Experiences & Suggestions: Manufacturing in China

Experiences & Suggestions: Manufacturing in China

July 26, 2019

There Jesse Vincent, a Makerfabs customer, is the CTO of Keyboardio, recently shared some experiences on manufacturing in China at hackaday, include PCBA/ Molding/ Assembly, and also some tips on visiting China. Below some experiences & suggestions for all entrepreneurs:

Q1: Is it too difficult to go to Shenzhen and interview factories for electronic projects of a few hundred items? Like electronics, injection-molding plastic parts, general PCB assembly. What would be your approach in this case? Would you try to arrange meetings via mail before traveling? (I guess you'd miss a lot of options by relying on Google searches.)

A1: For almost six years my partner xxx and I have been designing and manufacturing computer keyboards. We had a pretty successful Kickstarter, followed by a wildly interesting manufacturing adventure. This is the first physical product we've made. At this point, we've shipped thousands of units and are hard at work on a couple of new products. One of the things to learn about is your target factory type's Minimum Order Quantity (MOQ). You need to find a factory that's going to be happy to work with you for what may be a relatively small order. Indeed, Google is not a great way to find a factory in a far-off land.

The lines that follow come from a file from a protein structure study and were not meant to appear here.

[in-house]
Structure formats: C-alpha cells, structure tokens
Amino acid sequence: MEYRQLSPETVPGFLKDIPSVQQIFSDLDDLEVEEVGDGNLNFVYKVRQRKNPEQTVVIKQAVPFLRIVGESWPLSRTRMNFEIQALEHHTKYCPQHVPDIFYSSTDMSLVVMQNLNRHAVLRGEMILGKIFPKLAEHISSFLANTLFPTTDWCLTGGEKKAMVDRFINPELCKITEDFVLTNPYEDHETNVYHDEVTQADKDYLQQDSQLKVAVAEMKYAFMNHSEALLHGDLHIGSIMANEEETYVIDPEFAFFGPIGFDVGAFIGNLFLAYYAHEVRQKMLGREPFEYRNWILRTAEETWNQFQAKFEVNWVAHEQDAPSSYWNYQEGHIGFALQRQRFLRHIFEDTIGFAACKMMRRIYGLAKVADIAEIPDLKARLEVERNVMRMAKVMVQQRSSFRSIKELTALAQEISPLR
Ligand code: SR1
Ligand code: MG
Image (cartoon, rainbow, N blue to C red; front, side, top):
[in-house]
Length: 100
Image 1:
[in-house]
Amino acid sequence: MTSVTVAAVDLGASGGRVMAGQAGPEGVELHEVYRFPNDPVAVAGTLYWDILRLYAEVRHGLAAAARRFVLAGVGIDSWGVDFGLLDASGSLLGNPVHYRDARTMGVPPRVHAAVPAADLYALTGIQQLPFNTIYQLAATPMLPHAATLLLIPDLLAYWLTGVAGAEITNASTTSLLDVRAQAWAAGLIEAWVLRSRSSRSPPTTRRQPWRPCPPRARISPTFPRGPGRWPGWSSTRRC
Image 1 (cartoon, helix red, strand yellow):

There are a few ways to get started: Sourcing consultants are often a good option. Another option is to start reaching out to factories via Global Sources or Alibaba. I could write for hours on just this topic.

Q2: Who handles your final quality control and order fulfillment? I am also curious to know what issues you've had with importing larger quantities of goods from China -- especially under the current administration.

A2: We have a third-party QC contractor in Shenzhen who does inspections based on a quality standard I wrote with him. The first time through, I actually sat next to him doing the inspection to train him up. We use a company called xxx for fulfillment directly from Hong Kong. We don't currently fulfill from the US. Luckily for us, Keyboards still have 0 duty when coming from China to the US.

Q3: Is the factory doing everything? PCB, assembly, hardware, box, etc?

A3: The factory we've used to date is what's called a CM or Contract Manufacturer. In China, it's sometimes called an "assembly factory" -- they specialize in keyboards and mice. They have partners who do the injection molding, SMT assembly, soldering, box stamping, metal stamping, etc. They do wave soldering and QC in the house. Some of their partners are in the same building. That's pretty typical for small factories in China.

Q4: Are you concerned about IP theft?

A4: Not really. At an engineering level, there's nothing new under the sun in keyboards. Our particular design is weird enough that most locals don't "get it" -- And we do have a design patent in China, which would let us get Alibaba or Taobao to yank down clones.